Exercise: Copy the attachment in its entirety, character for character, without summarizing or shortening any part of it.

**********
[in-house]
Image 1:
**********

[in-house]
Image 1: